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Disabling/enabling TLS certificate validation on HPE OmniStack for vSphere

In some cases, it may be necessary to temporarily disable TLS certification validation while you are fixing various certificate issues. However, use these steps only when it is necessary to re-establish communication to the Virtual Controller. Re-enable validation immediately after you diagnose and fix the certificate issues.

WARNING

Removing all certificates from the trust store causes HPE SimpliVity to stop performing TLS certificate validation which is a potential security risk.

Disabling TLS certificate validation

If you need to turn off certificate validation across reboots, you can disable TLS validation by removing all of the certificates from the trust store by using the PowerShell certificate management cmdlets.

When TLS is not working properly in your environment, you must connect to the Virtual Controller using the svtcli account because HMS entities cannot be validated when the connection is down.

This procedure assumes that you have downloaded and installed the certificate management cmdlets.

To begin, open a Powershell window and run the following script to remove all of the certificates from the trust store. Update the script to use the IP addresses and credentials for your system.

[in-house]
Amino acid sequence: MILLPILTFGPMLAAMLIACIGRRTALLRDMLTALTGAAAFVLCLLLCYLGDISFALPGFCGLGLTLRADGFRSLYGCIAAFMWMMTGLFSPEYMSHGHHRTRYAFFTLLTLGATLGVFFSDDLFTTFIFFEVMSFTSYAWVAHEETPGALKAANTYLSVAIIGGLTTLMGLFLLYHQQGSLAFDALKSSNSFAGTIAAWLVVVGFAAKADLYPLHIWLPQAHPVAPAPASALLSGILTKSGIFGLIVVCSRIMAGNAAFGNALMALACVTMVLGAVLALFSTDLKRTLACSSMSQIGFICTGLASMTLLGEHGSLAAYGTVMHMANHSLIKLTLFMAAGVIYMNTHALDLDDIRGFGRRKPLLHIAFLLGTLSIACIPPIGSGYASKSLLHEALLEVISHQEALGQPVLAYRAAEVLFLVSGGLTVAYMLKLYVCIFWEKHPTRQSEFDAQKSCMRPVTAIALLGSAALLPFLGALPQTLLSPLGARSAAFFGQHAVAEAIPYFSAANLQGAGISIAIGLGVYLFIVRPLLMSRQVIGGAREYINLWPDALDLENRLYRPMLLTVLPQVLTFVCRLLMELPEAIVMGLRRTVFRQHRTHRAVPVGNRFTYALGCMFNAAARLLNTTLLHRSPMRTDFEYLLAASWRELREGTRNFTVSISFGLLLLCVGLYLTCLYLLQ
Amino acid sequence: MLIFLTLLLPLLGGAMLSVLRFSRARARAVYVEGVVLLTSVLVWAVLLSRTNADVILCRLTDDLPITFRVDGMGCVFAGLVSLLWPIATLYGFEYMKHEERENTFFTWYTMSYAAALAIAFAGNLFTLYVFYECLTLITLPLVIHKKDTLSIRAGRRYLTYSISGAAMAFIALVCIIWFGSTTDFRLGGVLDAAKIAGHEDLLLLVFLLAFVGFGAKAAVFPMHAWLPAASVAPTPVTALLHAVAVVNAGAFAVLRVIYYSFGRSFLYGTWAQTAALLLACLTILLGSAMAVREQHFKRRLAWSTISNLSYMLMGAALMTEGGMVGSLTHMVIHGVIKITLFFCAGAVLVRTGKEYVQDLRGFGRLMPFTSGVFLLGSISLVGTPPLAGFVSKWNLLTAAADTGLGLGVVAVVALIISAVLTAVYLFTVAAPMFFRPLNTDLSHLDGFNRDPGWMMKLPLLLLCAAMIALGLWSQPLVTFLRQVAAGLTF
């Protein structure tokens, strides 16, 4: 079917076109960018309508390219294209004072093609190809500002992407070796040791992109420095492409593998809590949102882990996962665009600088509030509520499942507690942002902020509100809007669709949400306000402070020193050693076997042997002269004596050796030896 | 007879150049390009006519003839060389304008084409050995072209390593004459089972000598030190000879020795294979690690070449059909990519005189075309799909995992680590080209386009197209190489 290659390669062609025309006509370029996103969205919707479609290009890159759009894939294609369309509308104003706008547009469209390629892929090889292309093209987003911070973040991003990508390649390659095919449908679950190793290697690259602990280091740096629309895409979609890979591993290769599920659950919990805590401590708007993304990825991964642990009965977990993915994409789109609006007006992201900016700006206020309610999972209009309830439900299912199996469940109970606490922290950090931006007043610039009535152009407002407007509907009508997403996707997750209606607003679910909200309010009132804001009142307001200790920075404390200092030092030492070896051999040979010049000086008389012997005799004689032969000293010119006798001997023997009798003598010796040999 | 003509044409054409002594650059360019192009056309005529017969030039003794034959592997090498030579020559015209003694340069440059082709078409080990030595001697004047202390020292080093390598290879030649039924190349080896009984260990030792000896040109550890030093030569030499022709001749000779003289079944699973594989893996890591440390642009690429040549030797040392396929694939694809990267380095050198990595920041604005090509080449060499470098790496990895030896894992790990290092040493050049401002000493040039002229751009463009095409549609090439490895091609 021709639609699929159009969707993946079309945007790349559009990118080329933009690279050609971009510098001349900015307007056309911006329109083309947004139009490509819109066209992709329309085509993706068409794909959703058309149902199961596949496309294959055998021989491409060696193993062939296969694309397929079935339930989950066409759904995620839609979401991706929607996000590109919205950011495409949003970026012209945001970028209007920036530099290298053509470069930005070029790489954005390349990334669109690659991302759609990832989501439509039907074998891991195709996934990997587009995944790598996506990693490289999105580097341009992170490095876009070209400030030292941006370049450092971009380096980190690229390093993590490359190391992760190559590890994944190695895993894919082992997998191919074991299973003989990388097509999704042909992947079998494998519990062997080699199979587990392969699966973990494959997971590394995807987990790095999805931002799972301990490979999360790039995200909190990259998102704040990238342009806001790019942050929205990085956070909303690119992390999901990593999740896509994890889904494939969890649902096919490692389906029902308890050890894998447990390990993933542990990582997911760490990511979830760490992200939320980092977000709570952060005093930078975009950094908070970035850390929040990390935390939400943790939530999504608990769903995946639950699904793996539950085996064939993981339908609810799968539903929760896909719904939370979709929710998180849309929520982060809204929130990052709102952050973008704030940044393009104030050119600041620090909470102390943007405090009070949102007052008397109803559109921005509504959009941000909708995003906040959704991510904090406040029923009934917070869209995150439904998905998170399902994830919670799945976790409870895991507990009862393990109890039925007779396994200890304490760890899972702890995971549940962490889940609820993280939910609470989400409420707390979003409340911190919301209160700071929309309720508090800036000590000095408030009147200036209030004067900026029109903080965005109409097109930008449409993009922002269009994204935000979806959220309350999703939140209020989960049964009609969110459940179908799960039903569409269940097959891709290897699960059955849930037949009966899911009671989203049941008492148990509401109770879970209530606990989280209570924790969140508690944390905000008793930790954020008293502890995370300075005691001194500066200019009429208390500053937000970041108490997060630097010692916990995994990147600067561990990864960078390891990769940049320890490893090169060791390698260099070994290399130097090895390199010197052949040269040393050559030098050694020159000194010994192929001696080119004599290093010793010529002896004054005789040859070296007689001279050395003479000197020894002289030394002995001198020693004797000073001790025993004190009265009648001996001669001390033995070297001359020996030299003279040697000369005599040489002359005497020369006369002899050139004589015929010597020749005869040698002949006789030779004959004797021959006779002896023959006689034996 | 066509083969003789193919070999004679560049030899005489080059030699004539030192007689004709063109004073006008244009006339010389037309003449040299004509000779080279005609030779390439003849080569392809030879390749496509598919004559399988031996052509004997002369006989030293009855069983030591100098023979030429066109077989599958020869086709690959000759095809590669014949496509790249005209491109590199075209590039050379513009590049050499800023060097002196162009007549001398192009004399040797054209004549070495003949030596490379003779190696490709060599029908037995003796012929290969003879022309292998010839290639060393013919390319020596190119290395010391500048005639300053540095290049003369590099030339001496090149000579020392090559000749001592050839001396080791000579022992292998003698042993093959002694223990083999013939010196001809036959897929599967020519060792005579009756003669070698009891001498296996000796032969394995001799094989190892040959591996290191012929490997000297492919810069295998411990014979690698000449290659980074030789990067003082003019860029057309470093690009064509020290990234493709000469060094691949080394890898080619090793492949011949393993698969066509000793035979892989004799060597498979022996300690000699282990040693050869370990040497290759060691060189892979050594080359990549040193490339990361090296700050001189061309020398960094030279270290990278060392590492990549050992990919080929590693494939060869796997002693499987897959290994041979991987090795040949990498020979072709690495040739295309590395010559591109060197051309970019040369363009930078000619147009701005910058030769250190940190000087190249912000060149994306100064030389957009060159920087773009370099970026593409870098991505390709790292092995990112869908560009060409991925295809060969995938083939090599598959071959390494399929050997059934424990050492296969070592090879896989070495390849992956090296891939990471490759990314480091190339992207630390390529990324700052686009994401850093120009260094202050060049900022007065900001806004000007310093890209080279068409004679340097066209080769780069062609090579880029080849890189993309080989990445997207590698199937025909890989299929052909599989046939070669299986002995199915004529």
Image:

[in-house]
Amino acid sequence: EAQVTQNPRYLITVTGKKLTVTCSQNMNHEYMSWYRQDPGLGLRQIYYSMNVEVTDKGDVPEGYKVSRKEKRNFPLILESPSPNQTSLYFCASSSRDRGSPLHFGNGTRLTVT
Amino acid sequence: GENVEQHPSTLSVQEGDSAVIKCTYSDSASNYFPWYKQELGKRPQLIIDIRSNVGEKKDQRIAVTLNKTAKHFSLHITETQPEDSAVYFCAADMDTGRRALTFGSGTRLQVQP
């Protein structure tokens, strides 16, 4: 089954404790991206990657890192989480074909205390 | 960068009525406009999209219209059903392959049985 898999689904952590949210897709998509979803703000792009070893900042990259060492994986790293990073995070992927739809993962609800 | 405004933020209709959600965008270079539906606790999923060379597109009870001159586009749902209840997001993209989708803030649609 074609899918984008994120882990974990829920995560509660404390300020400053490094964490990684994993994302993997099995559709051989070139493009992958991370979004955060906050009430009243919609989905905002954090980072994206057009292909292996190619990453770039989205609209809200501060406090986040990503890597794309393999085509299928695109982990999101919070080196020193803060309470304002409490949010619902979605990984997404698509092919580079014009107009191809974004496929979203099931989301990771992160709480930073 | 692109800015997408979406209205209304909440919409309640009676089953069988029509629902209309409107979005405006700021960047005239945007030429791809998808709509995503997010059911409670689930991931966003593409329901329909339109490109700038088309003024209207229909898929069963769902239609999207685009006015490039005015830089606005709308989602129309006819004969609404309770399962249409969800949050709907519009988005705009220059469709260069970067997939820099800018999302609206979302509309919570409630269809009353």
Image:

$ErrorActionPreference = "Stop"
 
 
$hmsip = "192.0.2.2"
$ovcip = "192.0.2.5"
 
 
#
# When the certficates are bad, use the "emergency" account
#
$emergencypwd = ConvertTo-SecureString "password" -AsPlainText -Force
$emergencycreds = New-Object System.Management.Automation.PSCredential("svtcli",$emergencypwd)
$oauthcred = Get-HPESvtAuthToken -HostName $ovcip -credential $emergencycreds -emergency
 
#
# delete all of the certificates - this turns off TLS validation
#
 
HPESvtCertificate | ForEach-Object -Process {       
    # remove from OVC trust store
    Remove-HPESvtCertificate -Thumbprint $_.Thumbprint   
}
 
 
#
# The HMS user should be able to logon now
#
 
$oauthcred = Get-HPESvtAuthToken -HostName $ovcip -credential $creds

Enabling TLS certificate validation

Leaving validation off is not an acceptable long term solution. Fix the issues with the HMS certificate and then re-enable TLS validation.

This procedure assumes that you have downloaded and installed the certificate management cmdlets.

To begin, open a Powershell window and run the following script to add the HMS certificate to the trust store to restore TLS validation. Update the script to use the IP addresses and credentials for your system.

The script gets the vCenter certificates then adds them to the Virtual Controller's trust store. When certificate validation is turned off or not working, you must connect using the svtcli account.

$ErrorActionPreference = "Stop"
 
 
$hmsip = "192.0.2.2"
$ovcip =  "192.0.2.5"
  
$secpasswd = ConvertTo-SecureString "password" -AsPlainText -Force
$creds = New-Object System.Management.Automation.PSCredential("administrator",$secpasswd)
 
#
# When the certificates are bad, use the "emergency" account
#
$emergencypwd = ConvertTo-SecureString "password" -AsPlainText -Force
$emergencycreds = New-Object System.Management.Automation.PSCredential("svtcli",$emergencypwd)
$oauthcred = Get-HPESvtAuthToken -HostName $ovcip -credential $emergencycreds -emergency
 
 
#
# grab vmware certs from HMS
#
$vmwarecerts = Get-HPESvtRootCertificate -HostName $hmsip
 
 
#
# add them into trust store
#
$vmwarecerts | ForEach-Object -Process {   
    Add-HPESvtCertificate -Certificate $_
}
 
#
# The HMS user should still be able to logon
#
$oauthcred = Get-HPESvtAuthToken -HostName $ovcip -credential $creds
Write-Host $oauthcred

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